Mourinho expects tougher title race

first_img Press Association Transfer spending ahead of the new campaign has already eclipsed £500million, and with the window open for the remainder of August, last year’s total spend of £835million is set to be surpassed. Chelsea begin the defence of their title against Swansea City at Stamford Bridge on Saturday. And despite a low-key summer of transfer activity, Mourinho’s side are the bookmakers’ favourites to seal back-to-back triumphs. Jose Mourinho expects this season’s Barclays Premier League to be the most competitive of his Chelsea tenure. But the Blues boss believes the spending power of the top flight – due in part to next year’s bumper TV deal – will make this season’s title race one of the fiercest in recent campaigns. “Maybe I’m wrong but I think fewer points will win the title,” Mourinho said. “You have a minimum of five title contenders and the other teams get stronger and stronger. “I think nobody can complain because everyone is investing – you go to Watford, you go to Bournemouth, Crystal Palace, Stoke, every club. “Every club has very good players so I think it’s difficult for the top teams in England because of the competitive nature.” Mourinho, whose side romped to the title last term, cited Yohan Cabaye’s £12million move to Crystal Palace, Georginio Wijnaldum’s arrival at Newcastle from PSV and Max Gradel’s switch to newly-promoted Bournemouth for a reported £7million fee, as examples of the league’s strength in depth. “There will be more times when the non-title contenders win matches against the title contenders,” added Mourinho. “It’s also difficult because they have players who could play in our teams – Cabaye could play for Chelsea, Wijnaldum could play for Chelsea, Gradel could play for Chelsea. “It’s very difficult to win multiple titles. It hasn’t happened in other countries where the domination is clear. In England it’s more difficult and we all know that.” Meanwhile, Mourinho urged Ruben Loftus-Cheek, the highly-rated England youngster, to take his chance if the opportunity arises this season. The 19-year-old started for Chelsea in matches against Liverpool and West Bromwich Albion at the end of last season, but he was heavily criticised by Mourinho following a post-season game in Australia. Chelsea have come under fire for failing to promote English players from their academy through to the first team. But asked if homegrown youngsters, such as Loftus-Cheek, feature in his plans for the upcoming season, Mourinho said: “It depends on him not on me. You have to ask him. “People normally ask about chances and chances and chances and maybe that’s a good excuse for the young players to be where they are. “I think maybe for the good of English football, you should go the other way. Are you ready to get the chance? Must the manager give confidence to a player? Or must the player give confidence to a manager? “I had this nice internal discussion with my people. At the end of the day we arrive into a conclusion that players pick themselves. That’s the responsibility that they must have. “We’re in England so it’s quite fair that people are trying to get solutions for more local players. “But you know, I’m a coach. I’m not an office man and for me, as a coach, I think that the players they must give confidence for me to say ‘Let’s go’. Not the other way.” last_img read more

No. 16 Syracuse’s offense fails to keep pace with No. 5 North Carolina in 20-11 loss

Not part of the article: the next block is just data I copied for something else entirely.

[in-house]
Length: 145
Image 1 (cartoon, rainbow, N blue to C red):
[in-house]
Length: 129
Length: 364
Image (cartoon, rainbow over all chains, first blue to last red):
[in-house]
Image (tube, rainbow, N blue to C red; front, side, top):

first_imgOnly five times in Syracuse’s program history has it allowed 20 goals. But it did on Saturday, and the Orange’s offense needed to turn out a herculean effort to stay in the game.But as has been the case in all of its conference games this season, SU’s offense provided nothing extraordinary.“We didn’t show up today and deliver our best game, our best performance,” SU head coach Gary Gait said.No. 16 Syracuse (8-7, 0-5 Atlantic Coast) couldn’t win enough draws to get a lot of offensive chances on Saturday and the chances the Orange had were often squandered. For the fourth game in a row, SU’s season-scoring average was lowered and it meant No. 5 North Carolina (10-3, 5-1) pulled away and won easily, 20-11, in the Carrier Dome.The problems started at the draw, as they so often have for SU this season. Emily Hawryschuk, an attack who began taking collegiate draws in games on March 29, took 27-of-33 draw attempts for the Orange. Between Hawryschuk and Julie Cross, who took the other six, the Orange won 10 of 33.AdvertisementThis is placeholder text“They were in our heads,” Gait said of UNC’s draws in the second half. “They had the chemistry flowing on the draw. They just dominated.”The lost draws forced SU to defend for long stretches at a time. But when SU won the draw or took possession after one of UNC’s 12 turnovers, it couldn’t capitalize. The Orange turned just 11 of its 27 shots into goals, dropping SU’s conference scoring average to 12.2 goals per game, compared to 16 per game out of conference.In a repeat of Duke’s defensive plan, the Tar Heels face-guarded Nicole Levy for much of the game’s 60 minutes. Postgame, Gait said, “I don’t know if that was an issue,” citing other problems as more major than whether or not Levy touched the ball. But Levy, even after a very cold stretch, ranks second on SU with 34 goals. And she touched the ball no more than a handful of times Saturday, as North Carolina successfully took SU’s sniper out of the equation.For a few moments early in the second half, SU’s offense looked like it’d have a shot to redeem itself. Hawryschuk scored less than two minutes into the frame to bring the Orange within two goals.But then, UNC won a draw and scored. The Tar Heels won the next draw and scored, again. And UNC won the next draw as well, following it up quickly with another goal. A two-goal lead exploded to five. The Orange never got closer than four goals from that point on.“Anytime you’re down like that, you’re gonna force it,” Gait said. “…Trying to catch up, get five goals at a time instead of one.”More Coverage:No. 16 Syracuse’s shortcomings exposed in 20-11 blowout loss to No. 5 North CarolinaGallery: No. 16 Syracuse crushed by No. 5 North Carolina, 20-11 Published on April 14, 2018 at 3:59 pm Contact Billy: [email protected] | @Wheyen3 Saturday’s game was the first that the Orange had played on a full week’s preparation since SU’s fourth contest. There was plenty of time to prepare for the tight, man-to-man defense that the Tar Heels played. The preparation didn’t equate to goals. Instead, UNC looked to have taken advantage of its own week off.Syracuse’s Alie Jimerson played for the first time in more than two weeks after dealing with a lower leg injury. Normally an important distributor from behind the net for SU, the Tar Heels focused on shutting down cutting lanes when Jimerson caught in her favorite spot.Outside of Hawryschuk’s four goals, the Tar Heels looked well prepared. Faceguarding Levy worked. Syracuse’s left-handed attackers — Riley Donahue, Molly Carter and Sam Swart — had any openings to the left denied, again and again. Donahue and Carter would spin, back and forth, back and forth. But whenever they tried to break free left, their primary defender or help defense was in the way.Hawryschuk said the Orange tried to keep its mindset focused on one goal at a time to get a run going. The run never came for SU.“We just have to regroup and focus on the next game plan,” Hawryschuk said.The Orange won’t have a week off before its second-to-last game of the regular season. No. 2 Boston College hosts SU on Thursday. And the Eagles, prior to their Saturday game, had the second-best scoring offense in the nation.“We’ve got to find a way to flip the switch here,” Gait said. “… We’ll regroup and try to get an upset at Boston College.” Commentscenter_img Facebook Twitter Google+last_img read more